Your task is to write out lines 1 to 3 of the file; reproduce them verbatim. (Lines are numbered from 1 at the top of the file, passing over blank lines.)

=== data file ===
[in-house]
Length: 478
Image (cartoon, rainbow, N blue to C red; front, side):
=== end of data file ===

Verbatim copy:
[in-house]
Length: 478
Image (cartoon, rainbow, N blue to C red; front, side):